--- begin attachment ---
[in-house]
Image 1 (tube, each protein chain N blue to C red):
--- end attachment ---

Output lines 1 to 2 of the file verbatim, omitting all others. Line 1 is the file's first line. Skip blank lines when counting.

[in-house]
Image 1 (tube, each protein chain N blue to C red):